How to interpret effect significance and effect size of Categories in Logistic Regression?

This is a follow up to this question on this site.

Let's say I'm doing a Logistic Regression with 2 Independent Variables (IVs). One IV is ordinal and named AGE, and the other is categorical and named SERVICE with 3 categories: A, B and C.

Let's say I get the following result:

Scenario 1:

Analysis of Deviance Table (Type II tests)
Df   Chisq Pr(>Chisq)
AGEP                1 1154.18  < 2.2e-16 ***
as.factor(SERVICE)  4  450.12  < 2.2e-16 ***

Coefficients:
Estimate  Std. Error z value Pr(>|z|)
(Intercept)                1.1     5.974e-02  -1.748 0458 ***
AGE                        1.2     1.038e-03 -33.973  < 2e-16 ***
as.factor(SERVICE)B        1.3     3.572e-02   5.175 2.27e-07 ***
as.factor(SERVICE)C        1.4     3.448e-02  -1.515 0.129877

(note: *** indicates significant p-value at some desired level)

Here's how I think one would interpret the results of the SERVICE variable:

• Being in the category A is a significant predictor of the outcome, with an effect size of 1.1 on the log of the odds ratio.
• Being in the category B is a significant predictor of the outcome, and is significantly different than being in category A, with an effect size of 1.3 on the log of the odds ratio.
• Being in the category C is not significantly different than being in category A (in its effect on the outcome).

Question 1: Is the above interpretation correct (for the SERVICE variable)?

Scenario 2:

Let's say I get the following result:

Analysis of Deviance Table (Type II tests)
Df   Chisq Pr(>Chisq)
AGEP                1 1154.18  < 2.2e-16 ***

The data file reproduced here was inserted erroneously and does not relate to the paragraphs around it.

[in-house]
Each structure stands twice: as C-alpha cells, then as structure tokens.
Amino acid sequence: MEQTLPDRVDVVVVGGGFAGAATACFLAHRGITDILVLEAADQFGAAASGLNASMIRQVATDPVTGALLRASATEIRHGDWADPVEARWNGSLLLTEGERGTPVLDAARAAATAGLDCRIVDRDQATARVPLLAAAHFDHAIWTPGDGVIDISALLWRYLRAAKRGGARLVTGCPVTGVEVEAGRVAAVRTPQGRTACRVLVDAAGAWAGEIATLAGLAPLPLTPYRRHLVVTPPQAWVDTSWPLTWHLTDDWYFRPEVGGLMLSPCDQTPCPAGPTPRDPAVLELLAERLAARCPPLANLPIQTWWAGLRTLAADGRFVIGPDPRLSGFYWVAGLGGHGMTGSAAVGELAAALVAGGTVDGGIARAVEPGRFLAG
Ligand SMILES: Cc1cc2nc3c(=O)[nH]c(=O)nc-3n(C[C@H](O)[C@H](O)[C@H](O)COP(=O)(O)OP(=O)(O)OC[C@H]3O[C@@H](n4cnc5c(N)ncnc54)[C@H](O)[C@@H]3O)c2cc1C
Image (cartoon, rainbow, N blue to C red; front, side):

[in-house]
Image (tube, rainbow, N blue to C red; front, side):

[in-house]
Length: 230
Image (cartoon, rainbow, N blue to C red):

as.factor(SERVICE)  4  450.12  < 2.2e-16 ***

Coefficients:
Estimate  Std. Error z value Pr(>|z|)
(Intercept)                1.1     5.974e-02  -1.748 0.20458
AGE                        1.2     1.038e-03 -33.973  < 2e-16 ***
as.factor(SERVICE)B        1.3     3.572e-02   5.175 2.27e-07 ***
as.factor(SERVICE)C        1.4     3.448e-02  -1.515 0.129877

Notice that Intercept is no longer significant.

Here's how I think one would interpret the results of the SERVICE variable:

• Being in the category A is not a significant predictor of the outcome.
• Being in the category B is a significant predictor of the outcome, with an effect size of 1.3 on the log of the odds ratio.
• Being in the category C is not a significant predictor of the outcome.

Question 2: Is the above interpretation correct (for the SERVICE variable)?

• I don't think you should say "Being in the category A is not a significant predictor of the outcome." It's A vs B (or C) changes the probability of the outcome. – Jeremy Miles Nov 19 '16 at 0:41
• This all looks terminally weird to me. how do the significance levels change when the p-values are the same? and why are the z not the result of the obvious divisions? – mdewey Nov 19 '16 at 21:18
• You don't know about the significance of the difference between B and C, without running the model again with a different reference category. Read up on dummy variables. – Jeremy Miles Nov 19 '16 at 21:30
• (Why does service have 8 df?) – Jeremy Miles Nov 19 '16 at 21:30
• @mdewey Good catch. It was a contrived example. I changed the p-value to be something appropriate to non-significance. – thanks_in_advance Nov 19 '16 at 21:33